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Hour 1. Understanding JavaScript > Learning Web Scripting Basics - Pg. 2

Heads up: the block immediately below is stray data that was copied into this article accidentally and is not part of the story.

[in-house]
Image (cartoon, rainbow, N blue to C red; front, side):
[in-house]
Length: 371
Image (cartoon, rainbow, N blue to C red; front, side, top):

2 Chapter 1. Understanding JavaScript The World Wide Web (WWW) began as a text-only medium--the first version of the HTML (Hyper- text Markup Language) specification didn't even have the capability to include graphics on a page. Although it's still not quite ready to give television a run for its money, the Web has come a long way. Today's Web sites can include a wealth of features: graphics, sounds, animation, video, and some- times even useful content. Web scripting languages, such as JavaScript, provide one of the easiest ways to spice up a Web page and to interact with users in new ways. The first hour of this book introduces the concept of Web scripting and the JavaScript language. It also describes how JavaScript, Java, and other Web languages fit into the scheme of things. The following topics will be covered in this hour: · · · · · · What Web scripting is, and what it's good for How scripting and programming are different (and similar) What JavaScript is How to include JavaScript commands in a Web page How different Web browsers handle JavaScript Choosing between JavaScript and alternative languages Learning Web Scripting Basics In the world of science fiction movies (and many other movies that have no excuse), computers are often seen obeying commands in English. While this may indeed happen in the near future, com- puters currently find it easier to understand languages like BASIC, C, and Java. If you know how to use HTML to create a Web document, you've already worked with one computer language. You use HTML tags to describe how you want your document formatted, and the browser obeys your commands and shows the formatted document to the user. Since HTML is a simple text markup language, it can't respond to the user, make decisions, or automate repetitive tasks. Interactive tasks like these require a more complex language: a pro- gramming language, or a scripting language. While many programming languages are complex, scripting languages are generally simple. They have a simple syntax, can perform tasks with a minimum of commands, and are easy to learn. Web scripting languages allow you to combine scripting with HTML to create interactive Web pages. Scripts and Programs A movie or play follows a script--a list of actions (or lines) for the actors to perform. A Web script provides the same type of instructions for the browser. A script in JavaScript can range from a single line to a full-scale application. (In either case, JavaScript programs always run within a browser.)